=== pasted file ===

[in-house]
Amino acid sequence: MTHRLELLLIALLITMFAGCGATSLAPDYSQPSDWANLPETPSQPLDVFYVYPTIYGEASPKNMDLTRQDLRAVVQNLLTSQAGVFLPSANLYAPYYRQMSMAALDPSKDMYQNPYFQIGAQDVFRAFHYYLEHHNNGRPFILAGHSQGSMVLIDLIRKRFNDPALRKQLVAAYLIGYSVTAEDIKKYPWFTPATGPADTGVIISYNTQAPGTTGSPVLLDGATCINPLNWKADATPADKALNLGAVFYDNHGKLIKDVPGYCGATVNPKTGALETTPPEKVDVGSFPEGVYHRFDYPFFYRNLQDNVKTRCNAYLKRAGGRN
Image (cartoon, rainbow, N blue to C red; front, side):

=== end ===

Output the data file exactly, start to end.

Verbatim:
[in-house]
Amino acid sequence: MTHRLELLLIALLITMFAGCGATSLAPDYSQPSDWANLPETPSQPLDVFYVYPTIYGEASPKNMDLTRQDLRAVVQNLLTSQAGVFLPSANLYAPYYRQMSMAALDPSKDMYQNPYFQIGAQDVFRAFHYYLEHHNNGRPFILAGHSQGSMVLIDLIRKRFNDPALRKQLVAAYLIGYSVTAEDIKKYPWFTPATGPADTGVIISYNTQAPGTTGSPVLLDGATCINPLNWKADATPADKALNLGAVFYDNHGKLIKDVPGYCGATVNPKTGALETTPPEKVDVGSFPEGVYHRFDYPFFYRNLQDNVKTRCNAYLKRAGGRN
Image (cartoon, rainbow, N blue to C red; front, side):